Brent Jackson, the owner/developer of the mixed use development Sylvan |Thirty in West Dallas, recently made a not-so-successful pitch to the City Plan Commission to expand the project by 1.8 acres.
Commissioners found his concept promising, but refused to vote on an amendment to a planned development district. The consensus opinion at the May 18 meeting was that Jackson’s concept had not yet come together fully, and attendees opted to keep the public hearing open until June 22.
Sylvan|Thirty, at 1818 Sylvan Avenue, is at the southeast corner of Sylvan and Fort Worth Avenues in a neighborhood with a number of recent high density residential projects, due to its proximity to downtown’s Reunion District.
Opened in 2014, Sylvan|Thirty was the first of this new wave of residential development west of the Commerce Street bridge. Los Angeles-based Arc Capital Partners purchased the apartment portion in May. The development boasts an organic grocery market, local retailers, and more than 200 studios and lofts.
Jackson, president of Oaxaca Interests LLC, also owns the lot across the street, between Sylvan and Chappell Street. There is a large brick office building at the corner of Chappell and Fort Worth occupied by a Chase Bank branch. Due to the asymmetric shape of the lot, the east side is much larger, and it’s upon that side that Jackson wants to add three new buildings.
“We’re looking to add additional retail that we feel strongly will be a credit to the neighborhood,” Jackson told the commissioners.
The concept Jackson wants would include architecture complimentary to Sylvan|Thirty, and encourage crossover pedestrian traffic between the two sides. “We really are trying to create a district,” he said.
The proposed three new buildings are small, relative to what’s already around the project site. The existing Chase Bank building is 32,434 square feet. Jackson wants to add a 3,382-square-foot office building, a 3,216-square-foot retail building, and a 4,101-square-foot restaurant building.
The project was opposed as presented by the Fort Worth Avenue Development Group. FWADG President Deborah Carpenter had a few concerns, but the main issue was the 90 percent metal facades of the three buildings.
Jackson said the high percentage of metal exterior in the design was at the suggestion of city staff. A staff member said this metal percentage should be seen in context with the dark brick of the Chase Bank building, and the spacing between the newer buildings that would open up the lot’s interior. That layout is similar to Sylvan|Thirty, which spaces the retail and residential so that views from the street allow onlookers to see the interior plazas.
However, the percentage of metal panels on facades allowed at Sylvan|Thirty is 50 percent. The commissioners appeared confused with staff’s explanation and argued that 90 percent metal paneling was too drastic a contrast.
There was also reluctance to go along with Jackson’s request for a reduction in the required number of parking spaces. He wanted to limit parking to 91 slots, leaving a 65-car deficit. Jackson claimed he owned an additional 10 acres nearby and wanted to construct surface parking off-site to further encourage short walks. He also said he had surplus retail parking space at Sylvan|Thirty. But the commissioners were not swayed.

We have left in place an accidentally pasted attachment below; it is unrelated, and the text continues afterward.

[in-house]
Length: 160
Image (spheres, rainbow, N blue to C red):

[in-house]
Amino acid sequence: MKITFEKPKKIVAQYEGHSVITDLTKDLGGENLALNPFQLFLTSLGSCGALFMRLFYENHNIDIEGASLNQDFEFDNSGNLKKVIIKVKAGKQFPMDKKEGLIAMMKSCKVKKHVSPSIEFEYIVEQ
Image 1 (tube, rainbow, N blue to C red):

Commissioner Paul Ridley joined a chorus of “nays,” adding that he was also refusing until Jackson submitted a development plan. Ridley noted that Jackson retained the San Antonio architectural firm Lake|Flato and had conceptual drawings, albeit ones that were “demonstrative only,” and he was far advanced in tenant negotiations. Yet Jackson had only submitted a conceptual site plan.
“The appropriate action today would be to hold to allow for discussions with Fort Worth Avenue Development, and to discuss with staff how to make some of the adjustments necessary to address issues raised,” Ridley said.
Post Publication Note: On June 1, Oaxaca Interests announced that Sylvan|Thirty had become the first commercial development in West Dallas to earn the U.S. Green Building Council’s coveted LEED (Leadership in Energy and Environmental Design) Certification. Sylvan|Thirty was recognized for rehabilitating a “brownfield site,” incorporating decomposed granite parking and a vegetated bioswale throughout the development to filter and reduce stormwater discharge in an effort to keep the Trinity River healthy. It was also commended for providing preferred parking for fuel-efficient vehicles and the use of low-emitting building materials to reduce indoor air contaminants.
“From day one, my goal has been to create a development that celebrates the community and the environment,” Jackson said. “This certification is a recognition of all the investors, residents and tenants who have come together to rally around local products, family businesses and green initiatives to make our community a better place to live.”